Sometimes Gifty and Nana would play HORSE. One day, Gifty asks if Nana thought the Chin Chin Man would have liked basketball if he’d grown up with the sport. Nana answered, “I don’t give a fuck what he thinks,” and punished Gifty by setting up an impossible shot for her. He hadn’t answered the question. And Gifty knows that he was lying every time he tried to tell himself he didn’t care about their father. Long after dark that night, Nana continued to practice free throws in the driveway.
As Nana and Gifty grow up, they remain close even if their roles in the relationship change. Now, Nana does less caretaking of Gifty, but he still tolerates her presence, and they shoot hoops together in the driveway. It’s during one of these moments of sibling connection that the depth of Nana’s anger and hurt over the Chin Chin Man’s abandonment bubbles to the surface. And this pain connects with an obsessive energy he brings to basketball that foreshadows his addiction to opiates.
Adult Gifty thinks about a study that applied cognitive-behavioral therapy to basketball players to improve their success at free throws. It helped them to replace negative thought patterns with positive ones. She wishes she could know what was running through Nana’s head when they were kids, even though she can’t. But she imagines that his mind was as restless as his body. She imagines that he “cared deeply and thought deeply,” and that his driving thought as he played basketball—“I don’t give a fuck what he thinks”—harmed him, if not his game.
As she’s replaced religion with science as a guiding force in her life, scientific studies have come to have a force like scripture for Gifty: she uses them to interpret and understand the world around her and how it works. But just as religion’s ability to answer big questions is limited, so too is science’s. Just because Gifty understands the power of repeating thought patterns to shape behavior and outcomes doesn’t mean she can fully apply this knowledge to Nana, since she doesn’t really know what his thought patterns were. The best she can do is guess, based on her knowledge of her brother, what he was thinking.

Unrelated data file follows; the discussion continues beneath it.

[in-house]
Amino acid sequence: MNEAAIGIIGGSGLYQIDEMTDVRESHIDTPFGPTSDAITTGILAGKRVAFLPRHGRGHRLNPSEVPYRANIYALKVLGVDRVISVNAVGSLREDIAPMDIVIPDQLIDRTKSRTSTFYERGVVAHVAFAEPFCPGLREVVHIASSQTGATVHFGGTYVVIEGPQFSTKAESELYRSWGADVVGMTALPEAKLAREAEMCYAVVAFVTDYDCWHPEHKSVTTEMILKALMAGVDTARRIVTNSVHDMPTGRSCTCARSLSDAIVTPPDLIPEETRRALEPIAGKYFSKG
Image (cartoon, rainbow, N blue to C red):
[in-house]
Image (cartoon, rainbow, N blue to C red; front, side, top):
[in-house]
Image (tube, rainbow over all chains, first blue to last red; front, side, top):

Gifty would walk to the high school to watch Nana’s games, then they would walk home together. One night, as she said, “Good job, Nana,” the school janitor butted into their conversation. He says that they sound more like business partners than siblings and asked why they didn’t just hug. Nana and Gifty left, but on the way home she repeated the question, asking why they didn’t hug. In a dark spot left by a broken streetlight, Nana paused to ask Gifty if she wanted a hug, and she said no.
This chapter started with a moment of growing intimacy between Gifty and Han, and it closes with a reflection on how differently her family expressed love and intimacy than other people. The janitor—a notable figure because he reminds them of their father, who was also a school janitor—critiques their relationship as overly formal, even though the siblings both experience it as a nurturing and intimate experience. Gifty’s refusal of the offered hug can be read either as a part of her pattern of refusing the help and support of others or as an acknowledgement that the relationship fulfills her needs, even if it looks different than what people expect.